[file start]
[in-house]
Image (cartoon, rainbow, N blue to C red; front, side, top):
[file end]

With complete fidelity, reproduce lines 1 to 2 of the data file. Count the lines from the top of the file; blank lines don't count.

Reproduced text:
[in-house]
Image (cartoon, rainbow, N blue to C red; front, side, top):